On appeal from Superior Court of New Jersey, Law Division, Hudson County, Indictment No. 03-07-1190.
NOT FOR PUBLICATION WITHOUT THE APPROVAL OF THE APPELLATE DIVISION
Submitted December 11, 2007
Before Judges Grall and Chambers.
After a trial by jury, defendant, Jorge Alvarado, was found guilty of the murder of seventeen-month-old Jan Carlos Torres, the son of his girlfriend, in violation of N.J.S.A. 2C:11-3(a).
Defendant, who was thirty years old at the time of sentencing and had no prior record, was sentenced to life imprisonment, subject to the provisions of the No Early Release Act, N.J.S.A. 2C:43-7.2, requiring that he serve a period of imprisonment of sixty-three years, nine months and three days before becoming eligible for parole. We affirm.
The death of the child took place on March 2, 2003. Defendant and the mother, Maria Delcarmen Torres, had been living together since September of the preceding year. At about 10:00 a.m. on the day in question, the mother had left the house on errands and testified that the child was well. Around 11:30 a.m., she received a call from defendant that the child was feeling bad and "getting choked." She was only a block away, and when she arrived home, the child was not moving. Defendant denied doing anything to the child. Defendant called 911 at her request. The child was taken to the hospital, where he was pronounced dead.
The record contains a number of statements attributed to defendant as to what happened. In his statement to the police, defendant explained that he had pressed the child to his chest when the baby began to cry, and when the child quieted down, he put the baby on the bed. He then heard the child gasp for air, and he called the mother. He told the police that he did not intend to kill the child. He attributed bruises found on the child's body to a struggle he had with the mother the night before when she attempted to take the baby from him. Defendant's former girlfriend, Luz Mary Carcamo, testified that when she saw defendant in jail, he told her that when the child began to cry, he began playing with the child, tossing him in the air, but then slipped on spilt milk and could not catch the child. Francisco Escribano, a prisoner in the cell next to defendant, testified that defendant told him that the baby would not stop crying, and out of frustration, defendant slammed the baby against the wall and punched the child in the chest, but miscalculated, causing the baby to hit the bedpost and fall to the floor. Defendant then put the baby on the bed and called his girlfriend.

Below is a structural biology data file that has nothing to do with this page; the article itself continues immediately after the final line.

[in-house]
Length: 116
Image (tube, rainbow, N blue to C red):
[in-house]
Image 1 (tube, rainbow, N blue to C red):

Dr. Thomas A. Blumenfeld, M.D., a forensic pathologist from the State's Regional Medical Examiner's Office, testified for the State. He expressed the opinion that the child suffered from battered child syndrome on the basis that the injuries were repetitive (occurred on more than one occasion) and could not have occurred accidentally. He advised that the child had bruises on his body that had occurred on different days, some possibly more than seven days earlier. In addition, the child had rib fractures which had occurred ten days to a month or so before his death. Some of the fractures roughly corresponded to the site of fingerprint bruises. The doctor could not determine from the fracture and bruises whether the child had been injured at two separate times or more times than that.
The doctor found that the most likely mechanism to have caused the death was squeezing or compression of the child's chest. He described the death as suffocation. The injuries he found were not consistent with punching; rather, they were consistent with pressing or placing pressure on the child. Further, he found that rather than one mechanism, three mechanisms or steps were involved on the day of the death: the child had been squeezed in the chest, pushed up on the face, and injured on his left thigh. The doctor estimated that it would take roughly one minute for the child to die with consistent squeezing. Death would be slower and more painful if the compression stopped before death.
After conducting a Rule 104 hearing, the trial judge allowed the child's mother, who had pled guilty to endangering the child, to testify to earlier instances when defendant had harmed her son. She testified to bruises she found on her son on occasions after the child had been in defendant's care. She also identified photographs of the child with visible bruises. In addition, she testified that on one occasion she found her son with a bloody mouth with defendant nearby, although defendant said the child had hit himself with a toy. Another time she discovered hot sauce on the nipple to the baby's bottle. According to the mother, defendant admitted putting the hot sauce on the nipple as a practical joke. Another time she found melting ice cubes in the baby's diaper after defendant had left for work.
The charges of murder, aggravated manslaughter and reckless manslaughter were submitted to the jury, which returned a verdict of guilty of murder.
In this direct appeal from the conviction, defendant raises four issues.
THE TRIAL JUDGE ERRED IN ADMITTING EVIDENCE OF PRIOR ASSAULTS UPON THE VICTIM AS THERE WAS NOT CLEAR AND CONVINCING EVIDENCE THAT THE DEFENDANT WAS THE PERSON WHO HAD COMMITTED THESE ASSAULTS.
THE JURY INSTRUCTION ON OTHER-CRIMES EVIDENCE WAS INADEQUATE IN THAT THE BURDEN OF PROOF GIVEN TO THE JURY CONTAINED THE TERM "SATISFIED" INSTEAD OF THE PROPER "CLEAR AND ...